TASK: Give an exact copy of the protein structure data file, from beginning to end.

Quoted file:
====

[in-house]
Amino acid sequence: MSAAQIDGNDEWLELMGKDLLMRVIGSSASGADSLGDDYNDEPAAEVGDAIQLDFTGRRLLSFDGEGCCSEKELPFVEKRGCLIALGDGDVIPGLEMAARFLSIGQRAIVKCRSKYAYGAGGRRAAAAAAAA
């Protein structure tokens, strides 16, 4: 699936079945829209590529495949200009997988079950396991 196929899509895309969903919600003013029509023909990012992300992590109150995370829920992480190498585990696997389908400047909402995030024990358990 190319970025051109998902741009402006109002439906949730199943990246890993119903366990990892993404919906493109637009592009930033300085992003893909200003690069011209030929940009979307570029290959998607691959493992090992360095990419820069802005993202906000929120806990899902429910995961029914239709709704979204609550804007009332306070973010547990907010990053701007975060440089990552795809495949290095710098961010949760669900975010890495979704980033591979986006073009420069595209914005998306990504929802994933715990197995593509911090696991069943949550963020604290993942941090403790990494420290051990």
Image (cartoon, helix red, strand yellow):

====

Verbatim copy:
[in-house]
Amino acid sequence: MSAAQIDGNDEWLELMGKDLLMRVIGSSASGADSLGDDYNDEPAAEVGDAIQLDFTGRRLLSFDGEGCCSEKELPFVEKRGCLIALGDGDVIPGLEMAARFLSIGQRAIVKCRSKYAYGAGGRRAAAAAAAA
């Protein structure tokens, strides 16, 4: 699936079945829209590529495949200009997988079950396991 196929899509895309969903919600003013029509023909990012992300992590109150995370829920992480190498585990696997389908400047909402995030024990358990 190319970025051109998902741009402006109002439906949730199943990246890993119903366990990892993404919906493109637009592009930033300085992003893909200003690069011209030929940009979307570029290959998607691959493992090992360095990419820069802005993202906000929120806990899902429910995961029914239709709704979204609550804007009332306070973010547990907010990053701007975060440089990552795809495949290095710098961010949760669900975010890495979704980033591979986006073009420069595209914005998306990504929802994933715990197995593509911090696991069943949550963020604290993942941090403790990494420290051990």
Image (cartoon, helix red, strand yellow):